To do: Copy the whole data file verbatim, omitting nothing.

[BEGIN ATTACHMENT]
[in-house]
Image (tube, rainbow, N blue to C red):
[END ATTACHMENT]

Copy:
[in-house]
Image (tube, rainbow, N blue to C red):